Time2Reflect uses unorthodox catalog and play-doh composites to critique our obsession with social media.
Earlier this year, a strange account emerged on Instagram, one that managed to stand-out via the Explore page amongst a horde of ceaselessly-competing pages and images. @T2R.calm, also known as Time2Reflect , displays mildly pixelated image composites of stock image-like figures inserted into play-doh houses, faux lifestyle advertisements for "infantile and aspirational millennial lifestyles," and #foodporn pictures of "healthy" play-doh meals.
Reading partially as a critique of contemporary lifestyles, but also as a re-invention of traditional social media branding, T2R feels intentionally enigmatic. Both the Instagram account and its accompanying Tumblr are hardly didactic; "a safe space to vent, hope, wonder + wish" is the most information provided.
Captions for the images often take the form of satirical takes on pre-existing corny puns: "Make this collection an instant plastic," while other moments are verbatim earnestness presented subversively: "Be the change you wish to see in the world" accompanies a text message excerpt about a date with a drunk Irish play-doh man. T2R seems to possess little comparable logic to that of the outside world, but there is somehow a guiding thread of "T2R coherence" among these assorted posts.
Speaking to the sole, anonymous entity behind the page feels like I'm conversing with a fusion between a political ambassador and a customer service representative, which turns out be exactly what is intended once I ask exactly what the page is about: "T2R is my combination home-decor live-webcam-girl customer-support consulting brand," the nameless personality succinctly explains.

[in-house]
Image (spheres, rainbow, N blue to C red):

As we converse further, T2R assumes a pseudo-plural identity, which they denote as a "royal we": "Here are T2R, we like to keep things ambiguous. We seek to interrupt the seamless modernist lifestyle by tethering the line of falsehood and reality as reflected online by digital advertising, personal branding, corporate media, and most recently 'fake news.'"
Although they keep their identity tightly under wraps, the T2R representative gives me some probing background information. "My work as a designer in the mass consumer-product field has been a catalyst for my study of lifestyle marketing as showcased on social platforms. I am not sure what I hope to accomplish with these posts, but I would like to look beyond the follower count and blue checkmark. Social media in general is a wonderful distraction that provides individuals with a [false] sense of freedom."
My conversation with T2R ends with a hopeful but corporate-sounding statement by them: "Ultimately, we are interested in exploring how the American interior and sense of 'home' will shift in light of our political climate. We will keep you updated on our progress."